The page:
A systematic review has identified 'sentinel events' as important triggers for advance care planning for patients with cancer.  These include: new diagnosis with advanced cancer, admission to hospital or intensive care unit, new diagnosis of cerebral metastases, change in chemotherapy regimen, or when a cancer patient is identified as possibly having a need for haemodialysis, a pacemaker, an implantable cardioverter-defibrillator, major surgery, or a gastric tube. A recent systematic review of rapid review teams in hospitals found that although approximately one third of patients reviewed by these teams were approaching the end of life, only a very small number had documented plans in place.  However, it was also found that the presence of the rapid review team-initiated care planning discussions. 
A number of reviews have identified common barriers to initiating ACP, such as health care professionals not having time to initiate conversations, not wanting patients to lose hope, not knowing whose responsibility it is within a team to initiate the conversations, and their own lack of training and skills in having these conversations. [10,16] Reviews have also identified barriers to ACP from the patients’ perspective such as a lack of understanding about the terminal nature of their condition and people not wanting to burden their carers or families. [10,16] People from non-English speaking backgrounds or minority cultural groups may have very different concerns about end-of- life care. Differences may relate to whether the most usual cultural approach to end of life decisions is family-based or focused on individual autonomy (which is the philosophy underlying the medicolegal system in Australia). Communication difficulties as well as cultural differences can be a barrier to initiating and developing an ACP. [16,17]
Improving the implementation of ACP has been the focus of many studies and generally includes interventions based on providing information to patients, families or health care professionals and interventions that test decision aids or communication training or tools.  The most common interventions are focused on providing information about ACP to people and this is most successful when written material is supported with other information formats, such as discussions or videos. [10,18]. ACP interventions that target the person and their family often provide various formats for the information to be accessed, such as written documentation and video presentations, provide opportunities and time for discussion appear to be the most successful. [10,16,19] Current decision aids do not appear to meet the decision making needs of patients to support the implementation of ACP  Training health care professionals in communication skills has, however, been shown to improve ACP implementation. [10,21,22]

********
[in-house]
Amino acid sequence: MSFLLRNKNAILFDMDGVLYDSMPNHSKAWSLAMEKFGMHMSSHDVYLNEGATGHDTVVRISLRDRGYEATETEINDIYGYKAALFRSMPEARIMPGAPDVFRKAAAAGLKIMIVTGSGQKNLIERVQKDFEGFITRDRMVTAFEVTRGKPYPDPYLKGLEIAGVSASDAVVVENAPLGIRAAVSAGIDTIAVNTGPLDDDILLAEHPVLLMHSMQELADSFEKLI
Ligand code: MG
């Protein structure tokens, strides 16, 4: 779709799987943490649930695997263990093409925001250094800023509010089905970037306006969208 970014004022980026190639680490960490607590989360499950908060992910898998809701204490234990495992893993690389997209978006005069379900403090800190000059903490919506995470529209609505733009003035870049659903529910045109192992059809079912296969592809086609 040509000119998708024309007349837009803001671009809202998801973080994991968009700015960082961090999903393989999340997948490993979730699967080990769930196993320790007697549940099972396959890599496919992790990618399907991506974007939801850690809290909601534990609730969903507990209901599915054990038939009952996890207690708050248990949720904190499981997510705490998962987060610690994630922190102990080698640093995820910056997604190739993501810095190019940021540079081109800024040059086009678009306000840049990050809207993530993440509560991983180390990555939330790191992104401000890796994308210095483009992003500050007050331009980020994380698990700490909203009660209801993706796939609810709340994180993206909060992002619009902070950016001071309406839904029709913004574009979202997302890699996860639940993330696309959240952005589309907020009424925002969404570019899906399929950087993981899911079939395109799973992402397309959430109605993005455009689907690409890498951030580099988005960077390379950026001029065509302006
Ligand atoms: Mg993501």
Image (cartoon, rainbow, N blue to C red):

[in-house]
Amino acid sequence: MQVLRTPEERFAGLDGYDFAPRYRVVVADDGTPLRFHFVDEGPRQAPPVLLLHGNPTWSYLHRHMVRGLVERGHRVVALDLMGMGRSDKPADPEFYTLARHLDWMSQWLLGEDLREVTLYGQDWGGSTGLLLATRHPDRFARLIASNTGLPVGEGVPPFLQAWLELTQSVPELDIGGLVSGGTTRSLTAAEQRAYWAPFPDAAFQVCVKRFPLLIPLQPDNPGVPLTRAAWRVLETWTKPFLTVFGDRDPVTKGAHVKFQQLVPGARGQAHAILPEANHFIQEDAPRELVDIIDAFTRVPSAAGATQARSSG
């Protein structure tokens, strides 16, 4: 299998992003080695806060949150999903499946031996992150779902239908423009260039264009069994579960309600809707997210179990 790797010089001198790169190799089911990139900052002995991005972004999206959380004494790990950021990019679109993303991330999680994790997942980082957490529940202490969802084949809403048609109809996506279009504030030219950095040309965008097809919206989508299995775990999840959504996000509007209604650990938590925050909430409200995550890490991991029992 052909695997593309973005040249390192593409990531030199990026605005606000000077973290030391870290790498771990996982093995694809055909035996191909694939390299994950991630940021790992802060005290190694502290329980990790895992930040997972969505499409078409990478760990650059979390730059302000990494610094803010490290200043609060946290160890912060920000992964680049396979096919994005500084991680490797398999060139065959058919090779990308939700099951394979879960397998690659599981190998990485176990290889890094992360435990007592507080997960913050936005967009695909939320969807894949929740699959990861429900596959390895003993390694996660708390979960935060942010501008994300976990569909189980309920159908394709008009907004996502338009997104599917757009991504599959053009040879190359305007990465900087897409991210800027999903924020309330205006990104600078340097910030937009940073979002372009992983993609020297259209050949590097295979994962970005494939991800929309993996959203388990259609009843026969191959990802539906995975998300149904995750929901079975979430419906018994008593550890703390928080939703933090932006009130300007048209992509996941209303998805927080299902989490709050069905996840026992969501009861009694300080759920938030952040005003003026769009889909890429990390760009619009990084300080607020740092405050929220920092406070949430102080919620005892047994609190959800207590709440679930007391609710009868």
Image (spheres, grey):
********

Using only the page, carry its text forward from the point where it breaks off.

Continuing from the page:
One of the common barriers identified in the research around ACP is the ambiguity around who should initiate these conversations with patients and their families in the context of terminal illness.  Advance Care Planning Australia outlines the roles and responsibilities of various health care professionals on their website, particularly as they pertain to care planning and ACDs. A recent systematic review of the perceived barriers to ACP by health care professionals found while traditionally a medical responsibility, ACP was now being undertaken by nurses with positive results.  The initiation of ACP conversations, development of plans and documentation appears to be highly influenced by the knowledge of the health care professional, their attitude toward ACP and their training in communication rather than their designated role. [23,24]
There is potential for significant burden associated with the role of substitute or surrogate decision-maker. [17,25] A recent systematic review of surrogate decision makers for older people with dementia found this group experienced confusion, guilt and mistrust as they navigated the issues around end of life care.  Relationships between health care providers family members, and amongst the family members themselves, have a significant impact on those who participate in end of life decision making. [17,26] There are differences in how surrogate decision makers may be involved in care decisions in different care settings and the emphasis should be on keeping the decision maker informed and supporting them emotionally. [10,25]
Research on ACP has mostly focused on completion of plans rather than the impact these plans have at the end of a person’s life, with many of the systematic reviews of ACP defining outcomes as the number of completed and documented plans. The impact ACP and advance care directives have on the care a person receives at the end of life is difficult as many studies use different outcomes to measure impact.  Systematic reviews on the impact of ACP on patients have shown that people involved in discussion about their care at the end of life experience positive benefits from the process, do not lose hope and do not have increased anxiety. [16,19] A systematic review of 18 studies examining the impact of ACP on end of life outcomes for people with dementia established variation of outcome measures in all studies, making direct comparison difficult.  The outcomes ranged from health care utilisation, such as hospital admission or commencing specific treatments, economic outcomes and outcomes focused on patient and family satisfaction with care. Few studies in this review compared hospital utilisation and patient and family satisfaction. Only two studies, which the reviewers deemed of low to moderate quality, found that ACP resulted in improved patient and family satisfaction and reduced hospital utilisation.  Six studies, in total, reported reduced hospital utilisation, however, they did not report an increase in palliative care referrals or other substitute care outcomes.  The authors comment that a lack in heterogeneity in outcome measures limits systematic reviews of ACP but there is a need to develop outcomes that measure patient and family satisfaction. 
In specific population groups, for example heart failure, ACP as part of care delivered by specialist palliative care services and as part of integrated care has been associated with decreased hospitalisations.  ACP has also been found to improve heart failure patient satisfaction with end of life care and improve communication about end of life care.  The specific content of ACP and advanced directives also appears to impact on end of life decisions, with targeted directions such as Do Not Resuscitate being associated with a decrease in the use of cardiopulmonary resuscitation. 
Last updated 27 August 2021